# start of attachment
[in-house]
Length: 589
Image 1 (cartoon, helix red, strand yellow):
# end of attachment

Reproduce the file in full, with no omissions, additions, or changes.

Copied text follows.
[in-house]
Length: 589
Image 1 (cartoon, helix red, strand yellow):